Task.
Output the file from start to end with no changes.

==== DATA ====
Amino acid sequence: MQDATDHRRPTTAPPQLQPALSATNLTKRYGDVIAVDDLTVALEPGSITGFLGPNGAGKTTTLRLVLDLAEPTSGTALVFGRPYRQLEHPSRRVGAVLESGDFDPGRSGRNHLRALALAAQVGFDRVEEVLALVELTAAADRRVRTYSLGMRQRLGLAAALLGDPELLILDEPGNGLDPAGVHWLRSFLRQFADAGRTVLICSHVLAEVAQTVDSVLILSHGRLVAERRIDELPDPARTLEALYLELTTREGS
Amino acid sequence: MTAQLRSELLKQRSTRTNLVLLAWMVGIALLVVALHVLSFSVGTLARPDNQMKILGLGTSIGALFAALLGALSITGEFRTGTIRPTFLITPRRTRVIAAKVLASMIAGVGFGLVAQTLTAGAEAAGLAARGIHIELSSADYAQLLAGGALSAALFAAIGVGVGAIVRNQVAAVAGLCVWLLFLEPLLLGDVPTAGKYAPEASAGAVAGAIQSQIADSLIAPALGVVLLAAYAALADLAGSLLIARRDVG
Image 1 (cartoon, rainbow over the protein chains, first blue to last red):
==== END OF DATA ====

Amino acid sequence: MQDATDHRRPTTAPPQLQPALSATNLTKRYGDVIAVDDLTVALEPGSITGFLGPNGAGKTTTLRLVLDLAEPTSGTALVFGRPYRQLEHPSRRVGAVLESGDFDPGRSGRNHLRALALAAQVGFDRVEEVLALVELTAAADRRVRTYSLGMRQRLGLAAALLGDPELLILDEPGNGLDPAGVHWLRSFLRQFADAGRTVLICSHVLAEVAQTVDSVLILSHGRLVAERRIDELPDPARTLEALYLELTTREGS
Amino acid sequence: MTAQLRSELLKQRSTRTNLVLLAWMVGIALLVVALHVLSFSVGTLARPDNQMKILGLGTSIGALFAALLGALSITGEFRTGTIRPTFLITPRRTRVIAAKVLASMIAGVGFGLVAQTLTAGAEAAGLAARGIHIELSSADYAQLLAGGALSAALFAAIGVGVGAIVRNQVAAVAGLCVWLLFLEPLLLGDVPTAGKYAPEASAGAVAGAIQSQIADSLIAPALGVVLLAAYAALADLAGSLLIARRDVG
Image 1 (cartoon, rainbow over the protein chains, first blue to last red):